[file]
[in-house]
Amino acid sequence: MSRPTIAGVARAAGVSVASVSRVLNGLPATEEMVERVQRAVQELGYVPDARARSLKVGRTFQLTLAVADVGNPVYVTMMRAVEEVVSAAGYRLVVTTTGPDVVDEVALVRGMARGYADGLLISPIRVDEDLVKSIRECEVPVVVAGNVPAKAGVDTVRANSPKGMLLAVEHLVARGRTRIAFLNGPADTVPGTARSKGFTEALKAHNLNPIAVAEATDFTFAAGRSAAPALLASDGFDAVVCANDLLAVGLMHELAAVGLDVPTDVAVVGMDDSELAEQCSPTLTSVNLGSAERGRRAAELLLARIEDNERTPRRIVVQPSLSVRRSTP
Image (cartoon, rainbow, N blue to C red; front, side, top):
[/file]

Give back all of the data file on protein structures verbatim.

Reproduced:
[in-house]
Amino acid sequence: MSRPTIAGVARAAGVSVASVSRVLNGLPATEEMVERVQRAVQELGYVPDARARSLKVGRTFQLTLAVADVGNPVYVTMMRAVEEVVSAAGYRLVVTTTGPDVVDEVALVRGMARGYADGLLISPIRVDEDLVKSIRECEVPVVVAGNVPAKAGVDTVRANSPKGMLLAVEHLVARGRTRIAFLNGPADTVPGTARSKGFTEALKAHNLNPIAVAEATDFTFAAGRSAAPALLASDGFDAVVCANDLLAVGLMHELAAVGLDVPTDVAVVGMDDSELAEQCSPTLTSVNLGSAERGRRAAELLLARIEDNERTPRRIVVQPSLSVRRSTP
Image (cartoon, rainbow, N blue to C red; front, side, top):